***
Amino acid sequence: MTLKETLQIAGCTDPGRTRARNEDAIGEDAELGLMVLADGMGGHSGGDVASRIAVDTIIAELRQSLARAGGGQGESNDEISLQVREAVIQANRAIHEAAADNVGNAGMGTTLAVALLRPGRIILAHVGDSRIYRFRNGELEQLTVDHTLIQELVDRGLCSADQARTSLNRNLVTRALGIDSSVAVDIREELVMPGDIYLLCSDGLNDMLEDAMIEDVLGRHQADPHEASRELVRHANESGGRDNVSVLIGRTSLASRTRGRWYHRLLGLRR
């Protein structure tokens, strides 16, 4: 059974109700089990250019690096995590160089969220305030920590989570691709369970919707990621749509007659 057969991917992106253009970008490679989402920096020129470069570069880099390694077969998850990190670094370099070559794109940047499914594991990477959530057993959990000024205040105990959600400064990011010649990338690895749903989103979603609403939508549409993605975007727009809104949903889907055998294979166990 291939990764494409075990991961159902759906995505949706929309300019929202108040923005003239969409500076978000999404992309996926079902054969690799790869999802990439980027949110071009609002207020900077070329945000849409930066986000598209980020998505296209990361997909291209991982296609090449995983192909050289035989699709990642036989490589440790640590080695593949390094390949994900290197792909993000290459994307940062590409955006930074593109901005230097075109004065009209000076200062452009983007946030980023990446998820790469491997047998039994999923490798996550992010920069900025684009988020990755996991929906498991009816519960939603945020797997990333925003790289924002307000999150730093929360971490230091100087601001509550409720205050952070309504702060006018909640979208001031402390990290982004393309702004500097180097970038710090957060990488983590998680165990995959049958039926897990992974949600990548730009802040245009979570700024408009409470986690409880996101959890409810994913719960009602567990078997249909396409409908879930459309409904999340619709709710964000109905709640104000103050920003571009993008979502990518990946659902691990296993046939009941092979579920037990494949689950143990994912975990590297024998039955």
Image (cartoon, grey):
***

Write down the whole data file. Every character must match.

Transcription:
Amino acid sequence: MTLKETLQIAGCTDPGRTRARNEDAIGEDAELGLMVLADGMGGHSGGDVASRIAVDTIIAELRQSLARAGGGQGESNDEISLQVREAVIQANRAIHEAAADNVGNAGMGTTLAVALLRPGRIILAHVGDSRIYRFRNGELEQLTVDHTLIQELVDRGLCSADQARTSLNRNLVTRALGIDSSVAVDIREELVMPGDIYLLCSDGLNDMLEDAMIEDVLGRHQADPHEASRELVRHANESGGRDNVSVLIGRTSLASRTRGRWYHRLLGLRR
């Protein structure tokens, strides 16, 4: 059974109700089990250019690096995590160089969220305030920590989570691709369970919707990621749509007659 057969991917992106253009970008490679989402920096020129470069570069880099390694077969998850990190670094370099070559794109940047499914594991990477959530057993959990000024205040105990959600400064990011010649990338690895749903989103979603609403939508549409993605975007727009809104949903889907055998294979166990 291939990764494409075990991961159902759906995505949706929309300019929202108040923005003239969409500076978000999404992309996926079902054969690799790869999802990439980027949110071009609002207020900077070329945000849409930066986000598209980020998505296209990361997909291209991982296609090449995983192909050289035989699709990642036989490589440790640590080695593949390094390949994900290197792909993000290459994307940062590409955006930074593109901005230097075109004065009209000076200062452009983007946030980023990446998820790469491997047998039994999923490798996550992010920069900025684009988020990755996991929906498991009816519960939603945020797997990333925003790289924002307000999150730093929360971490230091100087601001509550409720205050952070309504702060006018909640979208001031402390990290982004393309702004500097180097970038710090957060990488983590998680165990995959049958039926897990992974949600990548730009802040245009979570700024408009409470986690409880996101959890409810994913719960009602567990078997249909396409409908879930459309409904999340619709709710964000109905709640104000103050920003571009993008979502990518990946659902691990296993046939009941092979579920037990494949689950143990994912975990590297024998039955």
Image (cartoon, grey):